Could the problem be that the submit page we want to hide/replace is doing a post to a servlet on a server in a different domain? Re-reading 2b in your Comment 65 leads me to think this may be the problem. Sorry for overlooking this.
Yes, if the address that's being navigated to is not on the same server as the URI passed to replace() when unload fires, the replace() will not happen. I'm really not sure we want to relax that restriction; if we do, we need to solve the corresponding security bugs in some other way (and mark bug 251944 wontfix).
Well, that's it then... and it's the one thing that we absolutely can't change. We must post to this particular server. I overlooked this since the replace() *is* a page on the originating server.
Just today it was decided our site will move to a new framework in the next few months; so much functionality will be rewritten anyway. I guess we'll just have to tough it out until then.
Just wondering, does this mean that IE is susceptible to this tailgating problem or are they trapping the problem another way?
IE is definitely susceptible to bug 251944, last I checked.
This should fix the problem for those doing an onunload=replace() in the same domain. Which will probably be the majority of the legitimate use cases. At least your effort wasn't wasted.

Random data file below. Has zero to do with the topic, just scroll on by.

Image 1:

Thanks again for your help.
Based on the age of QAWANTED request on this bug, is QAWANTED still wanted?
Yes, the tests for this still need to be written...
Is there a manual testcase that can be written for this (i.e. Litmus)? If I am right, I think no. Based on the language of this comment thread I'm guessing only automated testing is desired (i.e. mochitests)...
One can write a litmnus test for this, but mochitest tests would be vastly preferable.
What would the manual test for this look like? Code a minimized test to attempt a redirect onUnload and have the Litmus tester run the code sample?
There's a test linked in the url of this bug. But there are also various comments in this bug describing the tests that are needed (in addition to that test linked in the url field).
Added a testcase to Litmus: https://litmus.mozilla.org/show_test.cgi?id=7886
Depending on an external page for our tests is really bad form (not to mention not very future-proof....)
(In reply to comment #99)
> Depending on an external page for our tests is really bad form (not to mention
> not very future-proof....)
Yes it is. However, our procedure for writing test cases is to get a working test case then get it checked into Litmus storage so we don't have to rely on third party URLs. This is not possible in all cases, but we try to do this wherever possible.
*** Bug 251944 has been marked as a duplicate of this bug. ***